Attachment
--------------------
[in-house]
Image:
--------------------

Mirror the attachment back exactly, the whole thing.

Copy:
[in-house]
Image: